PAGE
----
Real stories

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The difference you can make

Haya typing on machineHaya 

Haya is your typical nine-year-old. She is an expert cook, extremely social and loves playing board games with her sister and young brother. She is also legally blind.

Haya was born with Bilateral Optic Nerve Colobomas, where the optic nerves and retinas at the back of her eyes did not develop before she was born. This means she has a very small amount of vision and can only see blurry shapes and colours.

Originally from Lebanon, Haya’s family moved to Australia in 2017 so she could receive the best possible care. After doing some research, they sought help from Vision Australia to learn how to support Haya in living life to the fullest. 

While Haya may need assistance learning how to tie up her hair or use cutlery – everyday activities we take for granted – her vision loss will not slow her down, nor dim her ambitions. Ask Haya about the future and she’ll tell you she’s got big plans.

“When I grow up I want to be an astronaut, a coder, a farmer, a writer, a scuba diver . . . I can’t list everything because I have lots of jobs in my head.”

 


Tom standing at bus stop with white cane

Tom

Meet Tom, the future CEO of Qantas. While that may seem like a bold claim, Tom isn’t afraid to pursue his dreams.

He is currently school captain, something he has wanted since kindergarten, and has his artwork featured on the cover of the 2021 Vision Australia Art Calendar.

Soon after Tom was born, he was diagnosed with Familial Exudative Vitreo Retinopathy, a congenital disorder where the blood vessels in the retina do not develop normally.

Now 12, this rare condition has left Tom with very little vision. He can only see from the bottom of his right eye and focus on an object if it’s inches from his face.

Working with Vision Australia’s Early Childhood Intervention team, Tom received the support he needed to hit developmental milestones like any child his age and built confidence day by day.

Alongside everyday activities like tying his shoelaces, putting toothpaste on his tooth brush and school work, Tom is also learning how to read  braille using a Mountbatten Brailler.

It is this independence that will allow Tom to be capable and successful in what he chooses to be in the future.

 


Baby August sitting in mum's lap, reading a bookAugust 

When August was only 8 weeks old, his parents Alex and James noticed that he was unable to make eye contact and had a lack of awareness of his environment. They discovered August was born with Albinism, a rare condition where the body doesn't produce enough melanin and the eye nerves don't develop in the womb.

Understanding the importance of early intervention, Vision Australia professionals were engaged and included an early specialist teacher, physiotherapist and occupational therapist. Together they provided the required support and care for August.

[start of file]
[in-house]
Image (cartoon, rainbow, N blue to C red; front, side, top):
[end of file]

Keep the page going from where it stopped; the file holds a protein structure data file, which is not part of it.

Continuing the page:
In less than a year, August has achieved some major milestones in normal time. Despite our inability to leave the home, Vision Australia has provided us with tactile books and toys for August to play with. They also came with us to a local day-care to assist and assess the centre for August’s needs, and assist the staff in August’s care.”

The team at Vision Australia have helped Alex and James to gain confidence within themselves and are providing the family with the right tools to ensure August can do anything he sets his mind to as he continues to grow.   


Sam at desk learning brailleSam

Sam is at an exciting stage in his life. He has just turned 18, graduated from high school and is looking into tertiary courses that will help him achieve his dream of being a radio presenter.

But when Sam was just 12 weeks old, his parents weren’t sure what the future would hold for their son. Sam was diagnosed with Bilateral Retinoblastoma, a rare eye cancer. After four-and-a-half years of aggressive treatment including chemotherapy, cryotherapy and laser therapy, doctors were left with no option but to remove both his eyes.

Vision Australia has been right there from the very first days of Sam’s diagnosis, supporting him through every hurdle. “Since my mum rang them in tears the day after she found out I was going to be blind, Vision Australia offered just about every service imaginable in order to provide me with the best opportunities in my young life,” Sam said.

In his younger years, Sam worked with Vision Australia’s early childhood development teams and orientation and mobility specialists to help build his confidence and independence. Now, with the future high on his mind, Sam is making sure he ready for tertiary education with Vision Australia’s employability and leadership program, LEAP Up.


 

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